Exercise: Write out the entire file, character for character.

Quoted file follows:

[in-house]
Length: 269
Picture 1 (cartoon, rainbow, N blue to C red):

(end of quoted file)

[in-house]
Length: 269
Picture 1 (cartoon, rainbow, N blue to C red):